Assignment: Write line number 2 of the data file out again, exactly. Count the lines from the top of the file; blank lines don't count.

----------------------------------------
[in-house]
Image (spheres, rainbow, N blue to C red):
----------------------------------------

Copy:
Image (spheres, rainbow, N blue to C red):